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Psycho (1960) Film Review

Psycho (1960) Film Review

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Published by Jake Bryant
Alfred Hitchcock
Alfred Hitchcock

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Categories:Types, Reviews
Published by: Jake Bryant on Jan 28, 2013
Copyright:Attribution Non-commercial


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Dir. Alfred Hitchcock,
Film Review
Storytelling & Commission
Director: Alfred Hitchcock
Figure 1 Figure 2Figure 2
is an American horror film directed in 1960 by A
lfred Hithcock. The film’s
screenplay, written by Joseph
Stefano, is based on Robert Bloch’s 1959 novel of the
same name. By the time
was made, Hitchcock was already considered as the
screen’s ‘master of suspense’ and was arguably the world’s most
renowned director.Right from the outset, Hitchcock
s opening sequence introduces
as a horror genre film, using a fragmented and uncomfortable soundscapethat develops a tension right from the beginning, creating a suspenseful atmosphere.The films structure is consistent in the way in way it raises pulses, continuouslybuilding on a tense ambience ready to shock audiences. Writer Gibron shares a viewthat;
“Alfred Hitchcock's Psycho set the standard and post 
-modern horror has beenhobbling to catch up
ever since.” 
Gibron, (2010)
Building upon Gibron
’s statement,
the horror in which
generates developspure senses of suspense and tension that keep the narrative alive resulting in thepreservation of an
interest and intrigue. Moreover, the lack of specialeffects within the running allows Hitchcock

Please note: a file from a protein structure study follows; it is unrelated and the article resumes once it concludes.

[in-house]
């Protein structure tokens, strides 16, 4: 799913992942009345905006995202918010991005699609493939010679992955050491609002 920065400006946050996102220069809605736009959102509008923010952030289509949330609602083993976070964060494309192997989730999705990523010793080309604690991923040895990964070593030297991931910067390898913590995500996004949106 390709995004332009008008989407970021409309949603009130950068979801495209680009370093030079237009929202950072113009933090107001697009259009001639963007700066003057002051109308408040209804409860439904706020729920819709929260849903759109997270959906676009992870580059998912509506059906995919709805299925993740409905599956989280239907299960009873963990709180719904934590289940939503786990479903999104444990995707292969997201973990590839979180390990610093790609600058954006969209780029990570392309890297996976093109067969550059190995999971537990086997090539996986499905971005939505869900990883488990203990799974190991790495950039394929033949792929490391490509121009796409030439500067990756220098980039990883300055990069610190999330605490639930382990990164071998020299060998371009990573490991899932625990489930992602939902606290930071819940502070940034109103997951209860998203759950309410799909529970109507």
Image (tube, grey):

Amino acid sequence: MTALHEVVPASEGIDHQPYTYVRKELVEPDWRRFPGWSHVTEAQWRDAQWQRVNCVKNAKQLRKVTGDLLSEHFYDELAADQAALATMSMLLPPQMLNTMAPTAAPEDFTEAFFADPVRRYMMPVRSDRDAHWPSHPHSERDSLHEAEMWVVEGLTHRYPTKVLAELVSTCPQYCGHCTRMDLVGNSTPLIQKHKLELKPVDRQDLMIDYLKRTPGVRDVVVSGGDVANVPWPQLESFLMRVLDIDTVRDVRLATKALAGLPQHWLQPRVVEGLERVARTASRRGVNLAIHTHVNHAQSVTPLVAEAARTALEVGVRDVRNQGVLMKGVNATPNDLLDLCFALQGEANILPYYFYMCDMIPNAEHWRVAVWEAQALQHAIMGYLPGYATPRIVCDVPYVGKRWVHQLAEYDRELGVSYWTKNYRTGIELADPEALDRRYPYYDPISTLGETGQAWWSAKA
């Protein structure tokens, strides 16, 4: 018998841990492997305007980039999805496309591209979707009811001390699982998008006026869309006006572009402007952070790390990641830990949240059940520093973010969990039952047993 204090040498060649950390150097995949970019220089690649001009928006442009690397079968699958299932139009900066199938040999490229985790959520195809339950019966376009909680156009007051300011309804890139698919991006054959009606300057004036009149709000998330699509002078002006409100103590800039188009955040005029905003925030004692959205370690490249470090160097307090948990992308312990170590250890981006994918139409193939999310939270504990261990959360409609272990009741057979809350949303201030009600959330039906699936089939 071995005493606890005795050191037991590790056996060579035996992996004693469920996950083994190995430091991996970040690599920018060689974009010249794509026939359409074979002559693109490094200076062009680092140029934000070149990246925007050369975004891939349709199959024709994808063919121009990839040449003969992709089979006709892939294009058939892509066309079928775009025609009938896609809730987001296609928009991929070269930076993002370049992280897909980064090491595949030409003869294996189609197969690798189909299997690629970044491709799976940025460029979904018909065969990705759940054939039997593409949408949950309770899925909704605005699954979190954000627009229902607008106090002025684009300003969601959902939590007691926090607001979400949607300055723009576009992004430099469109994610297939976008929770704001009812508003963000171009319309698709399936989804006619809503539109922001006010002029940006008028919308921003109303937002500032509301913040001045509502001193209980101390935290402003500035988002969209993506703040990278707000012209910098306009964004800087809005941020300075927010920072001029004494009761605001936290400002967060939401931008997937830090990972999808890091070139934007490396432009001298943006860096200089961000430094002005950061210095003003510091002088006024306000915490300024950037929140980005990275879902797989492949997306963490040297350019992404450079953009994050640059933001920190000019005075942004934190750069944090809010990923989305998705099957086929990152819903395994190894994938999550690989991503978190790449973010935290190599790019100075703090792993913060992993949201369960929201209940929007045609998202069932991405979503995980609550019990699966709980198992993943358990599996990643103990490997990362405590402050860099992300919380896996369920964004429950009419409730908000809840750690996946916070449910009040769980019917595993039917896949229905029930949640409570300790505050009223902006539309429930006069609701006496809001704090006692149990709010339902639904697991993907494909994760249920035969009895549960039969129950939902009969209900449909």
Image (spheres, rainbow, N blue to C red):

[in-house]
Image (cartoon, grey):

greatest work to be timeless,proceeding to stay eternal throughout the development of cinema, even competingand arguably triumphing over the horror films produced today.The consternation which is introduced to audiences grows from various factors. Thevisual approach and the twist ending are two conventions which complement oneanother in a way that suggest the film could only exist in the style that the film isproduced. David Kehr acknowledges that;
“Alfred Hitchcock's 1960 masterpiece blends a brutal manipulation of audience
identification and an incredibly dense, allusive visual style to create the most morally unsettling film ever made.
Kehr, (2007)
Kehr picks up on an interesting observation relating to audience identification, whichseems to be a reoccurring theme through
. The directing choice feels as if Hitchcock wanted to convey an idea that turned family into a sight of horror throughthe manipulation of morals and the subjective camera shots which provide fordisconcerting perspectives. One of the most unsettling scenes within the film wasthe revelation of the twist ending, where Hitchcock showed the decayed corpse of Bates
’ mother.
Figure 3 Figure 4
The scene within
which conveys Hitchcock
s success in manipulating anaudience
s emotion is debatably the most famous scene in cinema. The pure horrorwhich Hitchcock
s filming conventions produced over the duration of the showerscene is outstanding. The psychotic soundscaping, subjective camera shots and thefast paced editing comprised together create a perfect blend of components toprovide for a harrowing segment of pure genius.Carty states that
Psycho remains a stone-
cold classic.” 
Carty, S (2012)
and furtheringhis opinion, it is evident that
was filmed with a polish that other films of itsgenre do not possess, undoubtedly validating its claim as one of the leading horrorsof the modern age.

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